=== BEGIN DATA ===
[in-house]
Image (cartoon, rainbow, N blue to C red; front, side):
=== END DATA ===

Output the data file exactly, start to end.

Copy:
[in-house]
Image (cartoon, rainbow, N blue to C red; front, side):